Community leaders in the South Pacific islands plan to ban all Western junk food to give importance to local, organic products for consumption. The initiative is seen to combat health problems and promote the islands' agricultural lands and natural resources.
The "forgotten province" of Torba, Vanuatu leads the call to enforce limitations against the import of junk food. Head of the Local Tourism Council Father Luc Dini told The Guardian, "At the moment we have an infiltration of junk food from overseas."
He continued to mention that, "It is easy to boil noodles or rice, but they have almost no nutritional value, and there is no need to eat imported food when we have so much local food grown organically on our islands." Torba's population reaches only 10,000 and most locals are engaged in farming.
Popular produce in the island are fish, crabs, shellfish, taro, yams, paw paw and pineapple according to the same report. Meanwhile, the most typical Western food the locals consumed are rice, sweets, tinned fish, and biscuits.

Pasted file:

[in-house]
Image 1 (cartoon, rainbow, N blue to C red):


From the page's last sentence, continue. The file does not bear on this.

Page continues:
Dini said, "We are Vanuatu's most isolated province, and so far our health has stayed pretty good because of that, but we want to continue to be healthy." He cited one example in other provinces that have adopted western diets and see "pretty young girls, but when they smile they have rotten teeth because the sugar has broken down their teeth," he said.
"We don't want that to happen here, and we don't want to develop the illnesses that come with a Western junk food diet," Dini pointed out. Together with the support of other village chiefs, Dini sets out a new policy where travel bungalows should only serve locally grown, organic food and ban all Western junk food by 2020.
"If you want to live in a paradise of your own, then you should make do with what you have and try and live with nature," Dini said. He plans Torba in becoming the first organic province by the next three years.
According to The Telegraph, nine of the top 20 most obese countries are found in the South Pacific Islands. These countries are American Samoa, Nauru, the Cook Islands, Tokelau, Tonga, Samoa, Palau, Kiribati and the Marshall Islands.
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